An interfaith coalition called on Polish authorities Tuesday to give humanitarian aid to a group of migrants who have been stuck in the open air at Poland’s border with Belarus for more than three weeks.
The coalition, which includes Christian, Jewish and Muslim representatives, noted that the people stuck at the border “suffer from hunger, cold and indifference.”
“Motivated by feelings of human solidarity, we call on the competent Polish authorities to immediately provide the refugees stranded in the border area with the necessary humanitarian aid: provide them with hot meals, drinks, medicines, and medical assistance,” said the Community of Conscience — Coalition of Mutual Respect in a statement.
Poland has seen a surge of migrants, mostly from Iraq and Afghanistan, seeking to illegally cross the border in recent weeks. The Polish government accuses the authoritarian regime in Belarus of facilitating migration to Poland as a way of creating instability in the European Union.
Other EU nations on Belarus’ border — primarily Lithuania but also Latvia and Estonia — have also faced migration pressure. The four have increased security at their borders, which form part of the EU’s external border.
Poland has deployed hundreds of soldiers to reinforce border guards and has been installing a tall barbed wire barrier.
Polish border guards said that more than 3,200 people tried to cross illegally into Poland from Belarus in August alone. It said most were from Iraq, followed by Afghanistan, but that some also came from Somalia, Tajikistan and Syria.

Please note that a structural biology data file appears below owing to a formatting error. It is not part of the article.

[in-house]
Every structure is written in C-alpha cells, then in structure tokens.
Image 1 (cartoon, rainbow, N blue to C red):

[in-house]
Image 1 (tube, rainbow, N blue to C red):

Attention in Poland has focused heavily on a smaller group stuck for more than three weeks. Poland insists that they are on Belarusian territory and will not let them into Poland. It has offered to send humanitarian aid but insists the deliveries must enter an official crossing point with Belarus.
Images in the Polish media from the border show the group camped out, with Polish soldiers and border guards just steps away from the migrants.
Prime Minister Mateusz Morawiecki says Poland will not succumb to “blackmail” by Belarusian President Alexander Lukashenko.
Concerns for the people are rising as nights have gotten cold and the areas has seen rainfall and human rights groups say some are ill.
“It is our human responsibility to those in need -- regardless of their current and future legal status,” added the interfaith statement.
Among those who signed it were religious leaders and representatives with the Joint Council of Catholics and Muslims, the Polish Council of Christians and Jews, the rector of the Catholic University of Lublin and a bishop of the Evangelical-Augsburg Church in Poland.
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